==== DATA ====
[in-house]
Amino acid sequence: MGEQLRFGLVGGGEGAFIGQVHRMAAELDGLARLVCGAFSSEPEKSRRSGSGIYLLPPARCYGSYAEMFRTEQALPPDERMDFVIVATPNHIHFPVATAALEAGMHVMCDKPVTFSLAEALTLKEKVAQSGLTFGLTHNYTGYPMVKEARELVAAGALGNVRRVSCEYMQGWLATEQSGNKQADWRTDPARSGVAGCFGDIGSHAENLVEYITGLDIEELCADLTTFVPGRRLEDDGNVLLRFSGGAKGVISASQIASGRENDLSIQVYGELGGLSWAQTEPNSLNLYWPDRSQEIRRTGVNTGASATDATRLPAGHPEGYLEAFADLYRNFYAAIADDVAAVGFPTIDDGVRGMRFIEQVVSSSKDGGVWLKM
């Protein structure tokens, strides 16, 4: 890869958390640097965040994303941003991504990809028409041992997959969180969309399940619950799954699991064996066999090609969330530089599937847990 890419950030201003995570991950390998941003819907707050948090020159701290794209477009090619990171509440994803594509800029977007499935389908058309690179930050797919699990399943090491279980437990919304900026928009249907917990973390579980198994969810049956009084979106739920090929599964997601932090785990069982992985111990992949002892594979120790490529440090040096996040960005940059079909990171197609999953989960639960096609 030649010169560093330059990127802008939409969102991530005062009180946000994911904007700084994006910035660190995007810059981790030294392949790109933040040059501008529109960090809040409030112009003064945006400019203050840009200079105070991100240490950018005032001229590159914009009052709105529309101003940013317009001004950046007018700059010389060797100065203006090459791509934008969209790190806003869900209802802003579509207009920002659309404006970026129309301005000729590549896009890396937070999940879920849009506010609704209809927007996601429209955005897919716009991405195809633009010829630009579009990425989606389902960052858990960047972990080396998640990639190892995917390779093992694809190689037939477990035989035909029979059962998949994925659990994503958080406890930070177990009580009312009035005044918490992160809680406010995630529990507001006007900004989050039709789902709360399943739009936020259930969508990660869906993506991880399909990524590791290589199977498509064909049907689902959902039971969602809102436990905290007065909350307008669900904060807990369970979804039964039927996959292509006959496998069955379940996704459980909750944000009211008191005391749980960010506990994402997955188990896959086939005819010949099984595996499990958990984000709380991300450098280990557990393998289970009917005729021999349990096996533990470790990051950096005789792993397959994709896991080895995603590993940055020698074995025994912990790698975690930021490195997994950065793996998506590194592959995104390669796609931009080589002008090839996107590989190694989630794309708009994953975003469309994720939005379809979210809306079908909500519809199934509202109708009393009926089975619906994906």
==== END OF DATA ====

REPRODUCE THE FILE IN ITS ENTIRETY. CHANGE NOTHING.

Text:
[in-house]
Amino acid sequence: MGEQLRFGLVGGGEGAFIGQVHRMAAELDGLARLVCGAFSSEPEKSRRSGSGIYLLPPARCYGSYAEMFRTEQALPPDERMDFVIVATPNHIHFPVATAALEAGMHVMCDKPVTFSLAEALTLKEKVAQSGLTFGLTHNYTGYPMVKEARELVAAGALGNVRRVSCEYMQGWLATEQSGNKQADWRTDPARSGVAGCFGDIGSHAENLVEYITGLDIEELCADLTTFVPGRRLEDDGNVLLRFSGGAKGVISASQIASGRENDLSIQVYGELGGLSWAQTEPNSLNLYWPDRSQEIRRTGVNTGASATDATRLPAGHPEGYLEAFADLYRNFYAAIADDVAAVGFPTIDDGVRGMRFIEQVVSSSKDGGVWLKM
């Protein structure tokens, strides 16, 4: 890869958390640097965040994303941003991504990809028409041992997959969180969309399940619950799954699991064996066999090609969330530089599937847990 890419950030201003995570991950390998941003819907707050948090020159701290794209477009090619990171509440994803594509800029977007499935389908058309690179930050797919699990399943090491279980437990919304900026928009249907917990973390579980198994969810049956009084979106739920090929599964997601932090785990069982992985111990992949002892594979120790490529440090040096996040960005940059079909990171197609999953989960639960096609 030649010169560093330059990127802008939409969102991530005062009180946000994911904007700084994006910035660190995007810059981790030294392949790109933040040059501008529109960090809040409030112009003064945006400019203050840009200079105070991100240490950018005032001229590159914009009052709105529309101003940013317009001004950046007018700059010389060797100065203006090459791509934008969209790190806003869900209802802003579509207009920002659309404006970026129309301005000729590549896009890396937070999940879920849009506010609704209809927007996601429209955005897919716009991405195809633009010829630009579009990425989606389902960052858990960047972990080396998640990639190892995917390779093992694809190689037939477990035989035909029979059962998949994925659990994503958080406890930070177990009580009312009035005044918490992160809680406010995630529990507001006007900004989050039709789902709360399943739009936020259930969508990660869906993506991880399909990524590791290589199977498509064909049907689902959902039971969602809102436990905290007065909350307008669900904060807990369970979804039964039927996959292509006959496998069955379940996704459980909750944000009211008191005391749980960010506990994402997955188990896959086939005819010949099984595996499990958990984000709380991300450098280990557990393998289970009917005729021999349990096996533990470790990051950096005789792993397959994709896991080895995603590993940055020698074995025994912990790698975690930021490195997994950065793996998506590194592959995104390669796609931009080589002008090839996107590989190694989630794309708009994953975003469309994720939005379809979210809306079908909500519809199934509202109708009393009926089975619906994906």